In March next year, come hell or high water in the protracted Brexit negotiations, Britain is expected to leave the EU. Ignoring for a moment the many and varied economic forecasts for post-Brexit Britain, new trade opportunities may indeed become available once Britain is no longer bound by the EU’s average tariff of 4.96% on non-EU imported goods. One such opportunity comes in the shape of Africa, particularly its more populous, urbanised and fast-growing countries. Presumably in recognition of this fact, UK Export Finance – part of Liam Fox’s remit as Secretary of State for International Trade – recently took the decision to add the Nigerian naira to its list of pre-approved currencies. In brief, this minimises foreign exchange risk for Nigerian businesses by guaranteeing they can pay for British goods and services in naira.
Compared to the regional average, Nigeria’s projected growth rate of 2.2% 2018-20 – helped off the floor by a recovering oil price (currently $72.42 per barrel) – is not the speediest. That said, Nigeria is Africa’s largest economy and an established destination for British goods and services, as Britain’s second largest export partner in Africa. The real story though, is the positive demographic shift that is occurring, with Nigeria’s current population of 180 million expected to reach 400 million by 2050, which would see it become the world’s third largest population. The classic ‘emerging markets’ narrative applies to Nigeria more than most: a bottom-heavy population pyramid indicates future growth potential as more working-age adults than ever enter the economy.
Of tangible interest to British exporters, however, is Nigeria’s burgeoning middle-class, representing roughly 11% of the population, having grown 600% from 2000 to 2014 and projected to grow a further 185% before 2030, according to Standard Bank of South Africa. As a result of the accompanying enhanced consumerism, McKinsey has identified in Nigeria a $40 billion growth market for consumer goods (2008-20), specifically noting the appetite of wealthy Nigerians for premium beverages. Add to this Britain’s historical ties to Nigeria; a similarity in business practices and legal systems; and the fact that some of Britain’s best performing companies of late are in the fast-moving consumer goods (FMCG) sector (including drinks giant Diageo and tonic maker Fevertree) and you have the makings of an unmissable opportunity for British exporters.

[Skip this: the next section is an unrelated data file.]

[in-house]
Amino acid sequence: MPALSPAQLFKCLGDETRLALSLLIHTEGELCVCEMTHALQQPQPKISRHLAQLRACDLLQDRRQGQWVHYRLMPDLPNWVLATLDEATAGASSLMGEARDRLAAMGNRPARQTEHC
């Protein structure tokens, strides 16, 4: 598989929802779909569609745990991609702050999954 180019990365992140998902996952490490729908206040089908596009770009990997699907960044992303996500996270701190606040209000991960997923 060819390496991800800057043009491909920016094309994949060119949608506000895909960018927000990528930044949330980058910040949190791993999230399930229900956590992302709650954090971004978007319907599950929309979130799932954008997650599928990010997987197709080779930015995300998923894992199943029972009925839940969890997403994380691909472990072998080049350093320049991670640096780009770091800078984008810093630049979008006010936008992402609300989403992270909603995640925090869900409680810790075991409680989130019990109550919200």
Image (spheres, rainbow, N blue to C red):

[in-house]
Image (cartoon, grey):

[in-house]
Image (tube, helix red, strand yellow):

As ever, risks persist in Nigeria, a country still technically considered a ‘frontier market’ and for good reason. The first is the obvious security threat from Boko Haram in the northeast and the less organised, but definitely violent, insurgents in the oil-ravaged Niger Delta. Consequently, the FCO advises against either all or ‘all but essential’ travel in almost half the country, including much of the territory north of the capital, Abuja.
Businesses exporting to, or operating in, Nigeria also face financial risk in the form of demographic insecurity. Despite promising predictions about Nigerian middle-classdom, it is estimated that approximately half of the country’s middle-class are, in fact, a ‘floating class’, whose middle-class status is insecure and more or less contingent on the overall state of the economy. The upshot is that the same consumer markets slated to be fertile ground for exporters can at times be fragile. Both Diageo and Nestle realised this the hard way after attempts to ‘premiumise’ their respective product offerings in Nigeria were hampered by an unanticipated unemployment spike after the oil price crashed in 2014.
Author Stanley Fawcett.